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Wednesday, September 19, 2012

The Memorable Glass of Judith Schaechter

Two years ago I attended the Glass Art Society conference in Louisville, Kentucky.  There were a few parts that particularly stood out to me.  One was the auction--actually, just the set up for the auction--such a variety of spectacular pieces of glass art.  The other was the notable lack of speakers and presenters in the areas of fused, torch worked and stained glass art, despite an over abundance of blown glass representation. There were also several workshops I attended that have stuck in my mind.  One of those was a group discussion about the future of the glass art industry.

I'm sorry to say that I couldn't name the other panelists even if you offered me $1,000,000  (and believe me, that would motivate me to do so) off the top of my head--I could in fact, look it up I suppose.  But, without prompting, I do remember Judith Schaechter.  She was one of the few stained glass artists  featured as a speaker in a sea of blown glass artists.  And her work is phenomenal.

My personal favorite is her "Multiplication Table."

(c) Judith Schaechter, "Multiplication Table," used by permission of the artist.

When I view her work, I often see dark, dreamlike images. The people in her artwork are often distorted and stretched in a odd way.
(c) Judith Schaechter, "Agnus Dei," used by permission of the artist.

(c) Judith Schaechter, "Joan of Arc," used by permission of the artist.

(c) Judith Schaechter, "Mad Meg", used by permission of the artist.

(c) Judith Schaechter, "Sin Eater", used by permission of the artist.

In recent years, I've seen a definite turn with many artists toward dark, odd, sometimes unpleasant and occasionally downright disturbing subject matter.  Scheachter's work borders on the disturbing side in a near meeting of Alice in Wonderland meets Tim Burton dreamlike sequences.  Of special appeal to me personally, they often seem to have a spiritual bent to them as well.  And the detail she achieves is extraordinary.  Take for example, "Specimens" (below).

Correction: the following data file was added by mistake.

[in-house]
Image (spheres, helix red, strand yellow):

(c) Judith Schaechter "Specimens," used by permission of the artist.

Schaechter has quite justifiably earned several fellowships, has had numerous solo gallery shows and been a part of many group shows.  Most of those shows have been at less well known locations. It certainly seems to me that the world is ready for her works' unveiling at larger venues.  It is my opinion that the art world would devour (in a good way) this artwork in a feeding frenzy once they got wind of it.  She teaches, writes and clearly is a leader (however it might be reluctantly?) of the stained glass art world by creating modern, relevant, sometimes surreal glass panels.  She is sure to continue to be a force in the glass art world, shaping and guiding stained glass to include not just the traditional, but embracing modern design and subject matter. I anticipate seeing more of her work as her career continues to gain momentum, particularly with glass art collectors.

Text (c)SZing, 2012.  All photographs and artwork in this blog entry (c) Judith Schaechter, used by written permission.